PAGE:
The fight over naming Lenox Hill Hospital

It started out in 1857 on Canal Street as the German Dispensary.

As the city’s German population moved north, the dispensary did too, first to East Third Street, then Second Avenue and St. Marks Place, and finally in 1905 to Fourth (Park) Avenue and 77th Street.

But in 1918, with anti-German sentiment raging, the dispensary got a more palatable name: Lenox Hill Hospital.

In 1925, the war long over, many hospital trustees, most of German descent, wanted the name changed back.

It wasn’t a nationalistic thing so much as a cash donation one. “Last year the deficit had grown to $50,000,” reported a New York Times article. “[a hospital trustee] felt certain that the resumption of the word ‘German’ in the hospital’s title would have a marked financial effect.”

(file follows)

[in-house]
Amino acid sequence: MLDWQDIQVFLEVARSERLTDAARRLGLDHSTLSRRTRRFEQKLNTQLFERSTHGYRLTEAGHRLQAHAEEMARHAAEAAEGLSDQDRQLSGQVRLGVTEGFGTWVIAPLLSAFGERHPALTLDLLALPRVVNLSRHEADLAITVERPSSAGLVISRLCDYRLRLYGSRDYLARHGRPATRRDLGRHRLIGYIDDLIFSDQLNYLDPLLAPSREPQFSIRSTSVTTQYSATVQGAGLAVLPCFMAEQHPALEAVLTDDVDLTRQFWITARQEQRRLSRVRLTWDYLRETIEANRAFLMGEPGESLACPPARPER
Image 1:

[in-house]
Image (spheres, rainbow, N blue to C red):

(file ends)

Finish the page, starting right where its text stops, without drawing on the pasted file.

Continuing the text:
The name switch didn’t fly though, and Lenox Hill Hospital is still based on 77th Street.

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12 Responses to “The fight over naming Lenox Hill Hospital”

  1. petey Says:

    thanks for that, i need to know all things yorkville but i hadn’t heard this story.

  2. wildnewyork Says:

    You should start a blog on Yorkville history. It’s rich with stories and characters and the neighborhood is evaporating before our eyes.

  3. Christopher Says:

    People forget the anti-German backlash story. It was pretty rough. My own grandmother’s family moved to Canada for awhile as my great-grandfather couldn’t find work in upstate New York at the time. They moved from Syracuse to Buffalo and then finally to Canada before settling near Detroit once things died down.

    In SF there are random vestiges in naming from anti-German backlash… what are called German potato salad and German chocolate cake are called San Francisco potato salad and San Francisco chocolate cake.

    • petey Says:

      like ‘freedom fries’!